While there seems to be light at the end of the tunnel with regard to the coronavirus crisis, it is time to take stock. More than just a health crisis, COVID-19 has impacted all areas and changed behaviors. Historian Niall Ferguson of Stanford University recently gave his views on the current monetary revolution and the impact of COVID-19 on it.
For the historian Ferguson, a monetary revolution was already under way before the coronavirus crisis. For him, the main target of this revolution was cash. Thus, before the crisis, countries such as China or, closer to home, Sweden, had already embarked on the road to cashless, a cashless society. More generally, in many other countries such as the United States, South America or Africa, the number of card transactions has far exceeded the number of cash transactions, and this has been the case for many years.
For him, therefore, COVID-19 was merely a catalyst in this revolution. Indeed, the different containment measures applied in many countries have prompted people to change their habits. For example, during containment, online shopping has been the main focus. Conversely, the use of cash has decreased drastically, partly for health reasons.
“What would have taken 10 years was achieved in 10 months. People who would never have taken the risk of making online transactions before were forced to do so for the simple reason that banks were closed (during lockdown). »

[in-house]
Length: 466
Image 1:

Moreover, Bitcoin’s recent performance can be explained by the return of the spectre of inflation in our societies. Faced with the devaluation of currencies, a direct consequence of inflation, Bitcoin has asserted itself as a solution to “protect your money” according to Ferguson. More than ever, Bitcoin competes with gold. In fact, some people no longer hesitate to call Bitcoin “electronic gold”.
Ferguson has three reservations about the future of Bitcoin: the cost of transactions, the slow processing of transactions on the Bitcoin blockchain and the lack of infrastructure to use Bitcoin. However, this should not discourage investment in Bitcoin. Indeed, Ferguson is convinced that the current economic situation is favorable to Bitcoin. Moreover, the two major advantages of Bitcoin, its scarcity and its sovereignty (decentralization), largely outweigh the above-mentioned reservations.
For him, the development of Bitcoin will depend very much on its ability to attract large investors. According to Ferguson, if “the millionaires together decide to invest 1% of their wealth in Bitcoin,” the price of Bitcoin could eventually soar to around $75,000.